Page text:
She made Big Ten history by becoming the first freshman to be named Player of the Year in the then-23 year history of the award. She also became the first ever volleyball player to win the Gatorade National Player of the Year and AVCA National Freshman of the Year in consecutive seasons. She became just the third true freshman in seven years to be named a First Team All-American.
Hodge recorded 4.60 kills per game and had 561 kills on the year. She was the only player to play in all 122 games of the season. Hodge was also tied for second on the team for service aces (35), and also had 310 digs, good for second on the team. Hodge also had a 96% service reception clip, as she recorded only 33 service reception errors in 833 attempts. She finished the season leading the team in total points, as she was responsible for 644.5 total points and 5.28 points per game. She helped Penn State to a 20–0 Big Ten record and their record fifth consecutive conference title.
In the 2007 NCAA Tournament, she led Penn State to their first NCAA final four appearance since their last NCAA title in 1999. She saved one of her best performances for their 3–2 win over top-seeded Stanford in the national championship, as she recorded a season-high 26 kills and had a key serving string in the decisive fifth game win, serving 6 straight points. Her performance in this match led her to be named the NCAA championship Most Outstanding Player, joining former Penn State players Terri Zemaitis (1997) and Lauren Cacciamani (1998 & 1999) to be named the Championship MOP. In addition, Hodge was also named a First Team All-American for the second consecutive year and was a Honda Sports Award nominee for the top volleyball player in the country.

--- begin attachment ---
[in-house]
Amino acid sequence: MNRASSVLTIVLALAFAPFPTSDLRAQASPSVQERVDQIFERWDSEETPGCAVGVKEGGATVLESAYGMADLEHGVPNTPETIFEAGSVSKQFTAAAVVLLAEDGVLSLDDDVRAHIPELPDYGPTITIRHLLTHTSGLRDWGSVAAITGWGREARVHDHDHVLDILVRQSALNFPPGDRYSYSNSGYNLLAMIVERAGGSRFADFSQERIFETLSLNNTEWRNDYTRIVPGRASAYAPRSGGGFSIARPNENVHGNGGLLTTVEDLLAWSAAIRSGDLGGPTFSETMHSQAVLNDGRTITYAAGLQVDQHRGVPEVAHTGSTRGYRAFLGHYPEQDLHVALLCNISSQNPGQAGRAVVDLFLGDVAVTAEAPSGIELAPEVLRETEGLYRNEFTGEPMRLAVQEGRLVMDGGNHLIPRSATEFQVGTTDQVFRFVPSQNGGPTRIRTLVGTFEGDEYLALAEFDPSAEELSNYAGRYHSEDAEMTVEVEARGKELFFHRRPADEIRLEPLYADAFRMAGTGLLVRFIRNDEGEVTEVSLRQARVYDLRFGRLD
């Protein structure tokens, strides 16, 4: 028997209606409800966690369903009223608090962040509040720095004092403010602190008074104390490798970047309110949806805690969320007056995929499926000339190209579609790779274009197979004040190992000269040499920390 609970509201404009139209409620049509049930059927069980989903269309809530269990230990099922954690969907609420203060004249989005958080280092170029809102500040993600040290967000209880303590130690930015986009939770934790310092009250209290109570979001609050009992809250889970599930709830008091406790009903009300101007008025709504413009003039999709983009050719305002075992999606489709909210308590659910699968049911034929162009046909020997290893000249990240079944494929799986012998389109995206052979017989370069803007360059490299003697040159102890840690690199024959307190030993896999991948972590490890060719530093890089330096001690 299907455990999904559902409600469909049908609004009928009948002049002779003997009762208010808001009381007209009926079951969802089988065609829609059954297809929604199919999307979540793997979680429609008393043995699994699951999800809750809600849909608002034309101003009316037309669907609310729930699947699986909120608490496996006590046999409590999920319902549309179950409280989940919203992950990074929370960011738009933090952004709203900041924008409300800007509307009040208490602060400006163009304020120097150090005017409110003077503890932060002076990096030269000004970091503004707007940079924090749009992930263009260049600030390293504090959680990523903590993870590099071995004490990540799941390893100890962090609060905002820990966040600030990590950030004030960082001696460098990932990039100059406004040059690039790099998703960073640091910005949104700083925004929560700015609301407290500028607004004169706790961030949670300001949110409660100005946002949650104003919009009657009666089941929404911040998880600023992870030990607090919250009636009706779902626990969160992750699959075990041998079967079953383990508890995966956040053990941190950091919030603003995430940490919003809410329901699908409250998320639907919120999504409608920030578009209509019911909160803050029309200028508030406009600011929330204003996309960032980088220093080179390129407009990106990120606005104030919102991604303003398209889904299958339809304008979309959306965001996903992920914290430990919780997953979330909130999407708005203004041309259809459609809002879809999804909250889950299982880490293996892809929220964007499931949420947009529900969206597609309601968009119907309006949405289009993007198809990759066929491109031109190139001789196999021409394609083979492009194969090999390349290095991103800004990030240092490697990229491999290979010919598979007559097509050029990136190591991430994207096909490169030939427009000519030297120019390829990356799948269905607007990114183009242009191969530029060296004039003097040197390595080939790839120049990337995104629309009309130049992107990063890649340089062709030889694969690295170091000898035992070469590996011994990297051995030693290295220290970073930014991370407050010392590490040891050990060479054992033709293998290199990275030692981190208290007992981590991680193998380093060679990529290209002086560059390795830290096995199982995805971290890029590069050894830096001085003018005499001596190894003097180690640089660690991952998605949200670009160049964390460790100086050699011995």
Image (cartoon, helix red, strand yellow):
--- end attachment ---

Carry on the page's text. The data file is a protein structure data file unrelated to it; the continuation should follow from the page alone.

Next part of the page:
As a junior, Hodge led a team consisting of six All-Americans with 470 total kills on the year on a .349 hitting percentage. She led the team in kills 21 times and ended 2008 fifth all-time on Penn State's career kill list with 1,582. Hodge was also named an ESPN The Magazine First Team All-American.
In Big Ten play, Hodge had 246 total kills and averaged 4.10 kills per set, en route to being named a unanimous First Team All-Big Ten selection for the third consecutive year. Penn State went 20–0 in the Big Ten and didn't lose a single set.
In the 2008 NCAA Tournament, Hodge was named the NCAA University Park Regional Most Outstanding Player after having a combined 28 kills with just 4 errors against regional opponents Western Michigan and California. In the NCAA National Semifinals in Omaha, Hodge had a season high 23 kills against Nebraska in the five set win. The following night, Hodge was named an AVCA First Team All-American for the third consecutive year.
In the National Title match against Stanford, Hodge had a match high 16 kills with just 2 errors and added 14 digs and 2 blocks to lead the Lions to their second consecutive NCAA championship, capping off an undefeated year. She was named the NCAA Championship Most Outstanding Player for the second consecutive year, becoming only the third player in NCAA Tournament history to earn the award two times.
Her senior year, Hodge's 560 kills helped to once again lead the Penn State Nittany Lions to an NCAA championship. She was named a First Team All-American for the fourth time in a row.
Hodge was also named Big Ten Player of the Year for the second time.